• King James Version ~ KJV
  • New King James Version ~ NKJV
  • New American Standard Bible ~ NASB
  • English Standard Version ~ ESV
  • Amplified ~ Amplified

Thought-for-thought, also known as Dynamic Equivalence,  places primary emphasis on the main thought or idea in the original text, such as  is  these translations:

  • New International Version ~ NIV
  • Today’s New International Version ~ TNIV
  • New Living Translation ~ NLT

Word-for-Word and Thought-for-Thought combined translations are  known as Optimal Translation, such as the:

  • Holman Standard Christian Bible ~ HSCB

Paraphrase, takes the original text and translates it into modern language and expression, usually additional words, such as these translations:

  • The Message Translation ~ The Message
  • The Voice ~ The Voice
  • The Living Bible ~ TLB

Step 2:  Pick Your Style

A Bible is put together by the publishers to meet a certain style of reading and study need. How you intend to use the Bible, will be your determining factor for what style you pick.  The options include:

  • Devotional ~ is designed to encourage reflection and personal time with the Lord in the Word, using interspersed devotionals written by a variety of people
  • Life Application ~ asks questions and points to ways to apply the Word
  • Study Bible ~ will contain information and historical facts to enhance for each book of the Bible
  • Chronological ~ books are listed in time line order
  • Hebrew/Greek ~ provides additional information based on the original language
  • One Year ~ divides into 365 readings
  • Student Bible ~ is designed for a high school or college student, meaning the helps and questions are written with their needs in mind
  • Parallel ~ has two translations side by side
  • Children’s Story Bible ~ literally written in story format with pictures for the littlest ones to comprehend the Gospel message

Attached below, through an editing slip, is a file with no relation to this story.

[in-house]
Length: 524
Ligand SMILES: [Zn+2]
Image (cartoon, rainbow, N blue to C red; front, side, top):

• Backpack Bible ~ designed for youth to tote around in their backpacks

Step 3: Pick Your Features

In addition to the study style, you may also want to consider which features will suit your needs, such as:

  • Concordance ~ an index for looking up key words to find passages
  • Maps ~ either included in the text or at the end
  • Reading Plans ~ designed to help you read through the Bible in a certain period of time or to study a specific topic
  • Introduction to Each Book ~ provides history, author, time frame, etc.
  • Cross-Reference ~ refers to a place where a verse is also mentioned
  • Footnotes or Study Notes ~ elaborates on the Scriptures to aid in study
  • Red Letter ~ words of Christ are marked in red

Step 4: Pick Your Size & Shape

The size of the Bible and the font size are usually in proportion to one another.  Both are typically affected by the type of Bible and the features included.  The font size is actually rather important, as you want to be able read your Bible without straining your eyes.  And the size of the Bible is just as significant, as an in-depth study Bible is often to heavy to lug to church compared to a wallet size that fits easily into a purse.

  • Large Print ~ usually means larger than 12 pt
  • Small Print ~ usually 8 or 9 pt
  • Wallet ~ literally the size of a women’s wallet designed for carrying in a purse or backpack
  • Compact ~ usually larger than the wallet size, in width and depth
  • Pocket ~ may be the same size or small than the Wallet size
  • Personal Size ~ usually larger than a compact Bible, but not as a large as a formal study Bible
  • Study Bible ~ this kind is usually the largest format, meant for home study and not ideal for carrying to church or Bible study
  • Gift ~  typically, this is the size of Bible you would find in a church pew
  • Bonded Leather ~ this has the look and feel of leather, but not the durability nor the expense
  • Genuine Leather ~ indeed, it is made of leather, thus costing more but lasting longing
  • Hardbound ~ as the name indicates, this is a hardcover Bible
  • Paperback ~ just like a paper back book and usually very inexpensive

What luxury to have so many options.  One size may not fit all your needs, so pick one that has the most of what you are looking for and take advantage of the websites such as or to enhance your study of God’s Word.

Use Your Bible and Learn How to Abide

Now that you know what to look for in a Bible, grab yourself one that works and dig on it. If you’re still feeling stuck, consider grabbing a copy of Abide, which will take you through a 10-day for cultivating a thriving relationship with the Lord built off time in the Word, or jump into a longer process with Meet the New You: A 21-Day Journey for Embracing Fresh Attitudes and Focused Habits for Real Life Change.

Abide: Helping You Grow Deep Faith Roots